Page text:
In January of 2008, several conservation groups – including the Center for Biological Diversity, Oregon Wild, the Environmental Protection Information Center and the Larch Corporation – filed a petition with the Secretary of Commerce requesting that the Klamath River Chinook salmon be listed under the Endangered Species Act (ESA).
The petitioners asked that NMFS consider three different listing options:
1) List spring-run Chinook in
the Upper Klamath and Trinity River (UKTR)
Evolutionarily Significant Unit (ESU) as its own
2) List spring-run Chinook in the UKTR ESU as distinct population segment; or
3) List the entire UKTR Chinook ESU.
According to Oregon Wild Communications Assistant Sean Stevens, the primary goal of the petition was to list Klamath River spring-run Chinook, not necessarily the more abundant fall-run Chinook.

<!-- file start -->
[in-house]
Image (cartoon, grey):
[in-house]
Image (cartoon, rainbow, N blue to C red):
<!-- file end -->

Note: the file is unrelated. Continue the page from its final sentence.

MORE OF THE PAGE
Stevens said Oregon Wild and other organizations have spent about a decade researching the petition and reviewing the science behind the genetics of spring vs. fall-run Chinook in the UKTR ESU.
“We still feel that the petition was merited,” he said. “We are still in the process of reviewing the NMFS decision.”
He added that a decision has not been made yet regarding the possibility of appeal.
“Historically, spring-run Chinook salmon were likely the predominant run type in the Klamath-Trinity River Basin,” the NMFS decision states. “Most spring-run spawning and rearing habitat was blocked by the construction of dams in the late 1800s and early 1900s in the Klamath River and in the 1960s in the Trinity River Basin. As a result of these and other factors, spring-run populations were considered to be at less than 10 percent of their historical levels.”
During the initial 90-day review process, NMFS had determined that “the petition presented substantial information indicating that the petitioned action may be warranted.”
Stevens said Oregon Wild was
surprised by the final NMFS decision considering
the agency’s initial determination of the
Separate or not?
The petitioners contend that
new information demonstrates that spring-run and
fall-run Chinook salmon in the UKTR ESU qualify
as separate ESUs based on “significant and
persistent genetic and reproductive isolation
resulting from their different run timing.”